Sec. 206 AA of Income tax act 1961 (effective from 1.4.2010) was once a hot topic not only in India, but also some other countries which have financial dealings with India. These Non obstante clauses have been historically known to be plaguing our interpretations in Income Tax Law. A few glimpses in the wake of this section as below,
The below discussion may not be a moot point. There have been views that the provisions of Sec.206 AA should not be applicable to Expatriates as any amendment to the taxation law of a country cannot be done unilaterally to override the provisions of DTAA with another country. In this regard the following counter argument is presented. In any DTAA, there is an article that will speak for non discriminatory treatment of foreign nationals in the other contracting state (Article 26 in USA and UK treaties). The ruling is as below,
“The nationals of a Contracting State shall not be subjected in the other Contracting State to any taxation or any requirement connected therewith which is other or more burdensome than the taxation or any requirement connected therewith to which nationals of that other State in the same circumstances are or may be subjected”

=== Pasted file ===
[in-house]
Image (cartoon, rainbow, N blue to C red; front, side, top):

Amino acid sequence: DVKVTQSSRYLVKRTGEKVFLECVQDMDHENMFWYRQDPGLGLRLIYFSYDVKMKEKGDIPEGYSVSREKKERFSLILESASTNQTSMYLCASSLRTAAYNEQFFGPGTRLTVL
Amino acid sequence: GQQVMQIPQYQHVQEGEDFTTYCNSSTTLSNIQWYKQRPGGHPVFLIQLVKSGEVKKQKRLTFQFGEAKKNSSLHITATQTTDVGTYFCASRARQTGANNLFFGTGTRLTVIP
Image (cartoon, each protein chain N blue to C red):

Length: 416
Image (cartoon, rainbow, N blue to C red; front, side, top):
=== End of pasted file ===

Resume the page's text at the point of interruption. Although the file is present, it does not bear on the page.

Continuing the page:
Does the above mean that the provisions of Sec.206 AA being non discriminatory in nature (applicable equally to Nationals of India as well) is something that is already intrinsically allowed in the DTAAs? We also some implication in the form of proviso (2) in Article 26 which reads as follows,
“The taxation on a permanent establishment which an enterprise of a Contracting State has in the other Contracting State shall not be less favourably levied in that other State than the taxation levied on enterprises of that other State carrying on the same activities in the same circumstances or under the same conditions. This provisions shall not be construed as preventing a Contracting State from charging the profits of a permanent establishment which an enterprise of the other Contracting State has in the first-mentioned State at a rate of tax which is higher than that imposed on the profits of a similar enterprise of the first-mentioned Contracting State, nor as being in conflict with the provisions of paragraph 4 of Article 7 of this Convention”
The above clause is obviously relating to charge of corporate taxes on a PE of a foreign company. Could it be possible to apply the same interpretation to the provisions on deduction of tax at source under Chapter XVIIB?
The summary of the above Counter arguments is that Sec.206 AA is within the permissible limits of a DTAA. Therefore can the fine print be that Sec.206 AA if applied to Non Residents does not turn out to be anything unilaterally decided by Indian Government? In fact this provision is primarily intended to be a disciplinary measure rather than a charging measure.